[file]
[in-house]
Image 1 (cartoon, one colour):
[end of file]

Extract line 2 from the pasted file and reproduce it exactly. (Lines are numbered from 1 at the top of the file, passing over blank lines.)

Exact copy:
Image 1 (cartoon, one colour):